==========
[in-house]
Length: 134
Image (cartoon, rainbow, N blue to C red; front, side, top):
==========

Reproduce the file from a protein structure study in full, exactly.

[in-house]
Length: 134
Image (cartoon, rainbow, N blue to C red; front, side, top):